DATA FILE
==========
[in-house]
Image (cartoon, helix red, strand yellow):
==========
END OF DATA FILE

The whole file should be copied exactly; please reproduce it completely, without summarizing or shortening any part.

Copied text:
[in-house]
Image (cartoon, helix red, strand yellow):